Connect with us

SEO

Google’s Algorithms Can Understand When Sources Agree On Same Fact

Published

on

Google's Algorithms Can Understand When Sources Agree On Same Fact

Google’s Multitask Unified Model (MUM) algorithm is now capable of identifying when multiple high-quality sources agree on the same fact.

This update to MUM is part of a more significant effort to improve information literacy across the web.

A Google-supported survey conducted by the Poynter Institute finds that 62% of respondents encounter false or misleading information every week.

To help people separate fact from fiction, Google is applying several changes to search results.

Here are the complete details about the updates Google announced today.

Improvements To Google’s MUM Algorithm

With improvements to the MUM algorithm, Google can understand when multiple sources on the web come to a consensus.

What does this mean for search results?

Google will now fact-check its featured snippets to see if other reputable sources agree with the information.

Pandu Nayak, Google’s Vice President of Search, explains how advancements to the MUM algorithm make this possible:

“Our systems can check snippet callouts (the word or words called out above the featured snippet in a larger font) against other high-quality sources on the web, to see if there’s a general consensus for that callout, even if sources use different words or concepts to describe the same thing. We’ve found that this consensus-based technique has meaningfully improved the quality and helpfulness of featured snippet callouts.”

Further, MUM can help Google more accurately determine when queries are better served without featured snippets.

As a result of this update, Google is reducing the triggering of featured snippets in these cases by 40%.

Helping Searchers Identify Trustworthy Information

Along with the update to MUM, Google is introducing additional features to help searchers find information they can trust.

Expanding ‘About This Result’

Google is expanding the ‘about this result’ feature with more context, such as:

  • How widely a source is circulated
  • Online reviews about the source or company
  • Whether another entity owns the company
  • When Google’s systems can’t find adequate information about a source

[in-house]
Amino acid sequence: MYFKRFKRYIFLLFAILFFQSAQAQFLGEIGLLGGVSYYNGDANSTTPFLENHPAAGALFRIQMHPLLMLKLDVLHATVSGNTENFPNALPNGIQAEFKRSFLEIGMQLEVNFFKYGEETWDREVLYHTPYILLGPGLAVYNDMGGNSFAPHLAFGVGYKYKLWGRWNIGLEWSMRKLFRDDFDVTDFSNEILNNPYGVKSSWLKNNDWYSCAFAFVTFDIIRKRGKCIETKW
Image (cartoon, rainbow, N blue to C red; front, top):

Image Credit: Screenshot from blog.google/products/search/information-literacy/, August 2022.

About this result is now available in the Google app and in more languages, including Portuguese (PT), French (FR), Italian (IT), German (DE), Dutch (NL), Spanish (ES), Japanese (JP), and Indonesian (ID).

Content Advisories About Information Gaps

A new advisory in search results will alert users when there’s not enough reliable information available for a particular query.

Google shares an example of a search related to a conspiracy theory triggering the new content advisory:

Google’s Algorithms Can Understand When Sources Agree On Same FactImage Credit: Screenshot from blog.google/products/search/information-literacy/, August 2022.

Source: Google
Featured Image: Andrii Yalanskyi/Shutterstock



Source link

SEO

Google Shares New Info About Vulnerabilities Found In Chrome

Published

on

Google Shares New Info About Vulnerabilities Found In Chrome

Google security researchers are sharing new information about vulnerabilities detected in Chrome, Firefox, and Windows.

In a blog post, Google and Threat Analysis Group (TAG) detail steps taken since discovering a commercial spyware operation with ties to Variston IT.

Based in Barcelona, Spain, Variston IT claims to provide custom security solutions. However, the company is connected to an exploitation framework called “Heliconia.”

Heliconia works in three ways:

  • It exploits a Chrome renderer bug to run malware on a user’s operating system.
  • It deploys a malicious PDF document containing an exploit for Windows Defender.
  • It utilizes a set of Firefox exploits for Windows and Linux machines.

The Heliconia exploit was used as early as December 2018 with the release of Firefox 64.

New information released by Google reveals Heliconia was likely used in the wild as a zero-day exploit.

Heliconia poses no risk to users today, as Google says it cannot detect active exploitation. Google, Mozilla, and Microsoft fixed the bugs in early 2021 and 2022.

Although Heliconia is patched, commercial spyware is a growing problem, Google says:

“TAG’s research underscores that the commercial surveillance industry is thriving and has expanded significantly in recent years, creating risk for Internet users around the globe. Commercial spyware puts advanced surveillance capabilities in the hands of governments who use them to spy on journalists, human rights activists, political opposition and dissidents.”

To protect yourself against Heliconia and other exploits like it, it’s essential to keep your internet browsers and operating system up to date.

TAG’s research into Heliconia is available in Google’s new blog post, which Google is publishing to raise awareness about the threat of commercial spyware.


Source: Google

Featured Image: tomfallen/Shutterstock



Source link

Continue Reading

DON'T MISS ANY IMPORTANT NEWS!
Subscribe To our Newsletter
We promise not to spam you. Unsubscribe at any time.
Invalid email address

Trending

en_USEnglish